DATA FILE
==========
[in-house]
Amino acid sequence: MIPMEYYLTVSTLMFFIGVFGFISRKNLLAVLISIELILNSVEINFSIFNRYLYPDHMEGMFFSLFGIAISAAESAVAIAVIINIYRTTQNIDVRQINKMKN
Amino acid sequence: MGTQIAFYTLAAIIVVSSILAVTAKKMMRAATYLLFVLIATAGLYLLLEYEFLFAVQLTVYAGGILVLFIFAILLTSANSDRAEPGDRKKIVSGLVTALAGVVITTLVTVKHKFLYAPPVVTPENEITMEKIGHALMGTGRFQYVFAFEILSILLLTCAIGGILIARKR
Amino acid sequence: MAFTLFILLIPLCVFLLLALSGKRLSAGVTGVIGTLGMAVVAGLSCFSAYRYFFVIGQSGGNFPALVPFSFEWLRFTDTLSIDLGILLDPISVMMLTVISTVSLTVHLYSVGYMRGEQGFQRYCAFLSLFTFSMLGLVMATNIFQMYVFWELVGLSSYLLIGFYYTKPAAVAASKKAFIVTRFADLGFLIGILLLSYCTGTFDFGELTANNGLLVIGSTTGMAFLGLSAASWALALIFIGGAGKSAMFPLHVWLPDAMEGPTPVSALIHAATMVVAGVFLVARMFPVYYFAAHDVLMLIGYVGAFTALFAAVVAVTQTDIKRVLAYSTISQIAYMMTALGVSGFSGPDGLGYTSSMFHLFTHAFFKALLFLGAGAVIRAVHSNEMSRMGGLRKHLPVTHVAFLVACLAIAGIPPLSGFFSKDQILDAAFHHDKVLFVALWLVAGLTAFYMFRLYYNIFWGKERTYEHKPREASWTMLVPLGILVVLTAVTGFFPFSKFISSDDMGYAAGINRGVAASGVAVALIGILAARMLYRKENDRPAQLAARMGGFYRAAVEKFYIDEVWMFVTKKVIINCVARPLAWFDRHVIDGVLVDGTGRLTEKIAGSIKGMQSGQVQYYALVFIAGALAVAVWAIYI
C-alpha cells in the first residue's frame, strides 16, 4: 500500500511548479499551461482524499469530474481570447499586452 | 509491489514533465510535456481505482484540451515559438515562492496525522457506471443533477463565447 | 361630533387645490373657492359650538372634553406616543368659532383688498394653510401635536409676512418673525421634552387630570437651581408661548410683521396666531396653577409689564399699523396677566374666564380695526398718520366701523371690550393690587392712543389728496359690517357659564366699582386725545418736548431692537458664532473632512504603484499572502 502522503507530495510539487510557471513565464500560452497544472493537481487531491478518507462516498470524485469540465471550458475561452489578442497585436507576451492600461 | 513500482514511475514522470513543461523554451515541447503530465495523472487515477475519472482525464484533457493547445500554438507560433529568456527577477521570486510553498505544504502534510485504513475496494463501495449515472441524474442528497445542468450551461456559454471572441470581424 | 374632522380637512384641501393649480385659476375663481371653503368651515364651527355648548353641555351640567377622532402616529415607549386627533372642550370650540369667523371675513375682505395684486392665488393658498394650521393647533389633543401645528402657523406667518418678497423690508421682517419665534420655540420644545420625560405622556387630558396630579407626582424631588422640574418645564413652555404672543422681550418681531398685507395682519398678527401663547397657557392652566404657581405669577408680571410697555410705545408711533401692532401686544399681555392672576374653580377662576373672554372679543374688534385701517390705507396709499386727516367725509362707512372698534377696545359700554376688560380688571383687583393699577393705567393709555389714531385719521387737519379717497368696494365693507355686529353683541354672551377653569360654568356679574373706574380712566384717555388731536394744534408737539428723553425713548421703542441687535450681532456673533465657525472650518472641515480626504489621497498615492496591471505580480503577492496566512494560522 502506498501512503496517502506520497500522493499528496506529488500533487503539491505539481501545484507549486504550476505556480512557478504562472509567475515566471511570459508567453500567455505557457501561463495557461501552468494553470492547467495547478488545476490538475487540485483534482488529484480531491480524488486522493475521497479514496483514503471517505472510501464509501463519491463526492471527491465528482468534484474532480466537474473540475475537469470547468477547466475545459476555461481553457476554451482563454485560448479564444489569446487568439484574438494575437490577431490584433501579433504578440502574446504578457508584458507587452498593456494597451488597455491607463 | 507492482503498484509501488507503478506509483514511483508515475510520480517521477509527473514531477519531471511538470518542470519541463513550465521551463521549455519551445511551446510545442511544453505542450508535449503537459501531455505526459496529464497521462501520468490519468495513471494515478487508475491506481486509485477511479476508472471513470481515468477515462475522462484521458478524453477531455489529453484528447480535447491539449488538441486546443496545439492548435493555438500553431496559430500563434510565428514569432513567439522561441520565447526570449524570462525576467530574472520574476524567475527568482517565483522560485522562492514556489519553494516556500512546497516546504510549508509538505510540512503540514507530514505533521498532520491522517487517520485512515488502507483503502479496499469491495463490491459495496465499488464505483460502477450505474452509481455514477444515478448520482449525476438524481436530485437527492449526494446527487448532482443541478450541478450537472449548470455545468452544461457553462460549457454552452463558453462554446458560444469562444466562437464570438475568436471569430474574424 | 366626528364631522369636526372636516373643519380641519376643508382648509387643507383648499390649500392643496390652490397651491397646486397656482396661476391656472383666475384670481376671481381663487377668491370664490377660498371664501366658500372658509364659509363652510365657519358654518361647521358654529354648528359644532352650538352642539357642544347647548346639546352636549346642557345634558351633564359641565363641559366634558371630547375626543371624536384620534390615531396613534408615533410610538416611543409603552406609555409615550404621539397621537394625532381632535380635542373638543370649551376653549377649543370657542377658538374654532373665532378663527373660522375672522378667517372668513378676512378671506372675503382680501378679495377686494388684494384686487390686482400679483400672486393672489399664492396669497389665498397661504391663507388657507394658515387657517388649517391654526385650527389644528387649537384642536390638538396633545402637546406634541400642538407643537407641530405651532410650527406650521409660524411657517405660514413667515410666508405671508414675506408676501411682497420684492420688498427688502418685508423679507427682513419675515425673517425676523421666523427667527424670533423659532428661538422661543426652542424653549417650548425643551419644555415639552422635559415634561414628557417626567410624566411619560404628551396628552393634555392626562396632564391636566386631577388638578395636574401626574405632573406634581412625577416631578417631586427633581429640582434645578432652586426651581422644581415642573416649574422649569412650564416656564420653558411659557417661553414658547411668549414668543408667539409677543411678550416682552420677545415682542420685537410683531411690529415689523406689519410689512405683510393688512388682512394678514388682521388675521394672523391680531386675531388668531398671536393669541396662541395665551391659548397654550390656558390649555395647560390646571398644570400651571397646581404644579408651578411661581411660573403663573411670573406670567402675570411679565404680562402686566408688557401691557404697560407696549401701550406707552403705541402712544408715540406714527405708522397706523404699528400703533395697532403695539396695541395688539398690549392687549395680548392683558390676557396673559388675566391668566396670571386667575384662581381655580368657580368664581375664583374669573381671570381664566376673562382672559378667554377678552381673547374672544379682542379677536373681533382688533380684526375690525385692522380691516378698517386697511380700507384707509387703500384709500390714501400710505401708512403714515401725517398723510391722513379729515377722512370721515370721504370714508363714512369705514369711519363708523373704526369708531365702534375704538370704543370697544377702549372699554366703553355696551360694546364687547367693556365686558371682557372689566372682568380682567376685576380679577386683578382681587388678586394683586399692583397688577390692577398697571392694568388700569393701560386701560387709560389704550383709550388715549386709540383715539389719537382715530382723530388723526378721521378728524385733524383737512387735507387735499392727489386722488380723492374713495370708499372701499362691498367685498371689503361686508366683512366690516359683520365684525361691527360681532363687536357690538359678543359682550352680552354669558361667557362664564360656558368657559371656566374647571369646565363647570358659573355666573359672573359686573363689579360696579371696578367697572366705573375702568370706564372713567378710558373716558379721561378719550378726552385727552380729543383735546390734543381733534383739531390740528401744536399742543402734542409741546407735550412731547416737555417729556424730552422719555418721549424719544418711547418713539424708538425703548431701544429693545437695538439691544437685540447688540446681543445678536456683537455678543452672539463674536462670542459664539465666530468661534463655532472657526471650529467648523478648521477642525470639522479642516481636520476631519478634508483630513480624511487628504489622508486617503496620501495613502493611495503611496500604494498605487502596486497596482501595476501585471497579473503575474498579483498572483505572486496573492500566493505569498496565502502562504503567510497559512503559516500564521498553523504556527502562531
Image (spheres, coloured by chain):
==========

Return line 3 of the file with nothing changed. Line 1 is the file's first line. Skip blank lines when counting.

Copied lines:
Amino acid sequence: MGTQIAFYTLAAIIVVSSILAVTAKKMMRAATYLLFVLIATAGLYLLLEYEFLFAVQLTVYAGGILVLFIFAILLTSANSDRAEPGDRKKIVSGLVTALAGVVITTLVTVKHKFLYAPPVVTPENEITMEKIGHALMGTGRFQYVFAFEILSILLLTCAIGGILIARKR